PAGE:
Retirement is about doing what you want, such as traveling, spending time with grandchildren, or enjoying hobbies, when you want. There may come a time though when certain tasks, maybe even basic needs, become difficult and help is required. That type of care can drain your savings. You can relieve the burden and financial stress with long-term care insurance.
FACT: 70% of Americans over the age of 65 will need long-term care
Don’t assume that you won’t need long-term care. Think about your family medical history, your parents or grandparents, aunts, or uncles. You’ve most likely had at least one relative, probably more, require long-term care at some point. The odds are not in your favor.
FACT: The average length of time a senior adult will need assistance with activities of daily living is 3 years
Most people believe that even if they need care, it probably won’t be for long. Long-term care doesn’t just mean a nursing home. It can take different forms such as home health care or an assisted living facility. You need to assume that you will need long-term care.
FACT: Long-term care takes a lot of cash
Health care costs, including assisted living or nursing care, will most likely be one of the largest expenses in retirement. Getting old and breaking down costs money, especially if you make it into your nineties. Everyone knows the costs are significant, typically $90,000+ annually to live in a private facility.
FACT: Nothing is certain except death and taxes
I chuckle when I read financial planning articles say that long-term care is a difficult discussion to have with clients due to the subject matter. No, it’s not. I’m gonna die, you’re going to die, we’re all gonna to die, hopefully a long, long time from now. Not discussing it doesn’t make that fact go away, and tiptoeing around long-term care doesn’t do anyone any favors.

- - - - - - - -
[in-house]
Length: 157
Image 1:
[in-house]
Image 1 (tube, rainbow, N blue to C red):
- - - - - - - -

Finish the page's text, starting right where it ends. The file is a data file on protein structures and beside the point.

You focus on saving enough for retirement, so you don’t have to worry about outliving your savings. Long-term care insurance can make your money last as long as you do, and provide for your spouse. If your advisor is afraid of having “the discussion,” you better find yourself another one.
FACT: Approximately 10% of individuals over 65 have long-term care insurance
Long-term care insurance sounds like an easy decision. Seems like a no-brainer, right? If only it were that simple. The fact is, very few people buy long-term care insurance due to the cost.
Over the past twenty-five years, insurers have faced rising life expectancies and increasing health care costs, and have decided to get out of the business. Fewer purchasing options and rising costs have meant higher premiums.
You’re raising a family, saving for retirement, protecting yourself with life insurance and disability insurance – there’s only so much money to go around. Long-term care seems so far away that it’s easy to put it on the back burner.
FACT: The earlier you purchase Long-Term Care, the lower the premium
Most people don’t buy LTC insurance until they’re in their 50s. That’s because that’s when they can most likely afford it, and the old body doesn’t work like it used to. These long-term care thoughts start creeping in.
There are two problems. First, the longer you wait, the higher the premium. Second, the older you get, the more likely it is you’ll have a medical condition that would make you unable to qualify for long-term care insurance.
FACT: The average policy pays out $175 per day